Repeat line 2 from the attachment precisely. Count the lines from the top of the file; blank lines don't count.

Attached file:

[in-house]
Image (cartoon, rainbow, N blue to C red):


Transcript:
Image (cartoon, rainbow, N blue to C red):